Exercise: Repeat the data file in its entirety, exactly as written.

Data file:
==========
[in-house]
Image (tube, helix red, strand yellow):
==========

[in-house]
Image (tube, helix red, strand yellow):